Appleton's Cyclopedia of American Biography, edited by James
Grant Wilson, John Fiske and Stanley L. Klos. Six volumes, New York: D. Appleton
and Company, 1887-1889 and 1999. Virtualology.com warns that these 19th Century
biographies contain errors and bias. We rely on volunteers to edit the historic
biographies on a continual basis. If you would like to edit this biographyplease
submit a rewritten biography in text form.
If acceptable, the new biography will be published above the 19th Century
Appleton's Cyclopedia Biography citing the volunteer editor
Virtual American Biographies
Over 30,000 personalities
with thousands of 19th Century illustrations, signatures, and exceptional life
welcomes editing and additions to the
biographies. To become this site's editor or a contributor
or e-mail Virtualology here.
POST, Philip Sidney, soldier, born in Florida, Orange County, New York, 19 March, 1833. He was graduated at Union college in 1855, studied law, and was admitted to the bar. He then travelled through the northwest, his parents having meanwhile removed to Illinois, and took up his abode in Kansas, where he practised his profession, and also established and edited a newspaper. At the opening of the civil war he was chosen 2d lieutenant in the 59th Illinois infantry, and in 1862 he became its colonel. He was severely wounded at the battle of Pea Ridge, and made his way with much suffering, and under many difficulties, to St. Louis. Before fully recovering, he joined his regiment in front of Corinth, Mississippi, and was assigned to the command of a brigade. From May, 1862, till the close of the war he was constantly at the front. In the Army of the Cumberland, as first organized, he commanded the 1st brigade, 1st division, of the 20th army corps from its formation to its dissolution. He began the battle of Stone River, drove back the enemy several miles, and captured Leetown. During the Atlanta campaign he was transferred to Wood's division of the 4th army corps, and when that general was wounded at Lovejoy's station, Post took charge of the division, and with it opposed the progress of the Confederates toward the north. On 16 November, 1864, in a charge on Overton till, a grape-shot crushed through his hip, making what was for some days thought to be a mortal wound. On 16 December, 1864, he was brevetted brigadier-general of volunteers. After the surrender at Appomattox he was appointed to the command of the western district of Texas, where there was then a concentration of troops on the Mexican border. He remained there until 1866, when the withdrawal of the French from Mexico removed all danger of military complications. He was then earnestly recommended by General George H. Thomas and others, under whom he had served, for the appointment of cohmel in the regular army; but he did not wish to remain in the army. In 1866 he was appointed United States consul at Vienna, and in 1874 he became consul-general. His official reports have been quoted as authority. In 1878 he tendered his resignation, which, however, was not accepted till the year following. He then resided at Galesburg, Illinois, and in 1886 he was elected to congress as a Republican.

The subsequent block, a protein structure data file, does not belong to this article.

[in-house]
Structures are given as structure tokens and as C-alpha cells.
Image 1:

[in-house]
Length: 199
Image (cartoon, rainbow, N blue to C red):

This site and its contents are not affiliated, connected,
associated with or authorized by the individual, family,
friends, or trademarked entities utilizing any part or
the subject's entire name. Any official or affiliated
sites that are related to this subject will be hyper
linked below upon submission
and Evisum, Inc. review.
Please join us in our mission to incorporate America's Four United Republics discovery-based curriculum into the classroom of every primary and secondary school in the United States of America by July 2, 2026, the nation’s 250th birthday. , the United States of America: We The
People. Click Here